These mobile systems became the standard approach to meet EU automotive and off-road emissions requirements. By 2010, emissions standards in the US would require American engine manufacturers to develop aftertreatment systems. In the early 2000s, General Motors tasked a team of physicists, chemists, and engineers to begin the development of a NOx scrubber system at their subsidiary, Delphi.
The team recognized the complexity and inherent shortcomings of the mobile SCR systems and decided to start fresh; they started with the chemistry. To convert NOx back to nitrogen requires hydrogen. The hydrogen steals the oxygen from the NOx, creating water, and forcing the NOx back to what was going into the engine, harmless atmospheric nitrogen. They asked themselves, why use urea? It is difficult to store, and every molecule of urea only has 4 hydrogen atoms. That’s relatively few when compared to hydrocarbons. Hydrocarbons, aka the fuel in the gas tank, are laden with hydrogen. After all, it’s the hydrogen in the fuel that is the actual energy source. Every molecule of diesel fuel has on average 24 hydrogen atoms, 6x that of urea.
With that in mind, the team set out to create a fuel reformer that could efficiently reform fuel into hydrogen. They were successful. The reformer was then paired with a NOx absorbing catalyst. Absorber cats have a special metal substrate which acts like a NOx sponge. The exhaust gas flows through the cat, and the substrate chemically traps the NOx as it goes. In their tests, a slow but steady stream of hydrogen from the fuel reformer and into the cat converted the NOx back to nitrogen.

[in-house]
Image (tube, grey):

The concept was proven and the team began work to develop an exhaust system around their technology. Unfortunately, the team didn’t get much further than that. Saddled with over 100,000 United Autoworker Union pension plans by their parent company, Delphi was intentionally torpedoed. This was 2005, the beginning of the great recession, and the bankruptcy of the American automotive industry. Delphi was dismantled, the buildings bulldozed, and all the employees let go.
The ambitions to create the next generation of emissions technology were dashed, and the project mothballed forever. GM took an abrupt about face and decided to take a less ambitious approach and just adopt the mobile SCR systems being used in Europe. Somewhere in the process, it was ironically decided to use the reformer technology to make urea, to fuel the very SCR systems the reformer was designed to replace. Eventually, and maybe thankfully, that idea was abandoned as well. To this day, SCR is the de rigueur technology of the land, adopted by almost every major engine manufacturer, fueling a 22 billion dollar global urea industry.